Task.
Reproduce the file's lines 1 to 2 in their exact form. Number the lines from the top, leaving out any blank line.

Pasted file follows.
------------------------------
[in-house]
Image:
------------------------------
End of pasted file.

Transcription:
[in-house]
Image: